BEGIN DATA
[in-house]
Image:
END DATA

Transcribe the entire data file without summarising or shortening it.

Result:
[in-house]
Image: